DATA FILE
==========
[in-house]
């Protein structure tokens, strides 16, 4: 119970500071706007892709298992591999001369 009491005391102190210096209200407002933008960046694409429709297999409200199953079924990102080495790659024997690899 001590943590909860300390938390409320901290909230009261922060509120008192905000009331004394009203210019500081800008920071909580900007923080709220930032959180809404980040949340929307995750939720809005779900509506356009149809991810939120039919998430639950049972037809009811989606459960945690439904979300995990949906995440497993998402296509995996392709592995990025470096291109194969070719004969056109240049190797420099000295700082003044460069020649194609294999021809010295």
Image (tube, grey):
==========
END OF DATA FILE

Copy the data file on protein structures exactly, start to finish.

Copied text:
[in-house]
């Protein structure tokens, strides 16, 4: 119970500071706007892709298992591999001369 009491005391102190210096209200407002933008960046694409429709297999409200199953079924990102080495790659024997690899 001590943590909860300390938390409320901290909230009261922060509120008192905000009331004394009203210019500081800008920071909580900007923080709220930032959180809404980040949340929307995750939720809005779900509506356009149809991810939120039919998430639950049972037809009811989606459960945690439904979300995990949906995440497993998402296509995996392709592995990025470096291109194969070719004969056109240049190797420099000295700082003044460069020649194609294999021809010295």
Image (tube, grey):